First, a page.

At the same time that the Western Harness Racing Association concluded its most successful season to date at Arcadia, Calif., both Maywood in Illinois and Yonkers in New York have opened before huge crowds betting record amounts of money. And once again it is being demonstrated that trotters and pacers trained up north have a clear edge in spring racing over those that spent the winter in Florida. This appears to be especially true for older horses, whose schooling in gait is not affected so much as that of the youngsters by the uncertain footing of frozen and thawing ground. It generally takes several weeks of getting used to chill northern spring weather for Florida-trained colts to lose their "mushiness" and be ready to race all-out. Which undoubtedly accounts for the fact that Stanley Dancer, for example (who winters at New Egypt, N.J.), has won 17 races to date.

Early speculation about harness racing's two top events—Hambletonian for trotters and the Little Brown Jug for pacers—has perhaps a firmer basis for establishing favorites than in any recent year. There is little doubt that the Sherwood Farms's Torpid is head-and-withers in front of the Jug field and also the eligibles for pacing's other two races that comprise its triple crown—the Messenger Stake and the Yonkers Futurity. Only in the Futurity is really stiff competition presently anticipated—from the Castleton filly, Good Counsel.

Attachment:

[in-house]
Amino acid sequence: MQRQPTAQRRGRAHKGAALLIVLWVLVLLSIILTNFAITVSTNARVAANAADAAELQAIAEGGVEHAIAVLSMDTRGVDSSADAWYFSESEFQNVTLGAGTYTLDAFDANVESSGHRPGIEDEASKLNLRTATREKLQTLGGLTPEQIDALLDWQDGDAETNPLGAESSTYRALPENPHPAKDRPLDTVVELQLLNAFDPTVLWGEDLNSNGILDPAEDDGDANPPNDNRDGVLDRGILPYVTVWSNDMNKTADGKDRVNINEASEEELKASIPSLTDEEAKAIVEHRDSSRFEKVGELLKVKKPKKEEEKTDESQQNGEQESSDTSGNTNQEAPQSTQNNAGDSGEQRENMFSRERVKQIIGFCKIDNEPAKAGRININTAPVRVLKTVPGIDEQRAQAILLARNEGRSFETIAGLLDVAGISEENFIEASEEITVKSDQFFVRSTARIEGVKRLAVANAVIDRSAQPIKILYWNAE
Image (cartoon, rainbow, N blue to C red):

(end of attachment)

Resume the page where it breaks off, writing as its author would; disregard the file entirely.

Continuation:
It never pays, however, to count out two trainers like Del Miller and Joe O'Brien, and neither has, of course, conceded to Torpid. Miller's Meadow Lands, who was such a disappointment last year, has already won twice this season, and O'Brien's Adios Express is also being pointed for the Jug.

In the Hambletonian, one of the most remarkable coincidences in racing history may be in the making. Last year, Allwood Stable Trainer-Driver Ned Bower won with The Intruder, whose distinguishing qualifications at the time were three:

1) He was an extremely good-looking animal.
2) He was the highest-priced yearling of his year.
3) He was unsound as a 2-year-old and did not race that season.

A PURIST'S APPROACH

This year, Bower has Junior Executive, who has the same three qualifications. At the moment, Junior Executive is once again in good health and condition, but Bower does not intend even to let him see a half-mile track before Hambletonian day at DuQuoin. The Hambletonian is raced around a mile track, of course, but these days few trainers take the trouble to limit their Hambletonian eligibles to mile-track training. Unquestionably, trotters use different gaits in going twice around the half-mile with its sharper turns, but it remains to be seen whether Bower's purist attitude will pay off with a triumphant carbon-copy victory on the big day at DuQuoin.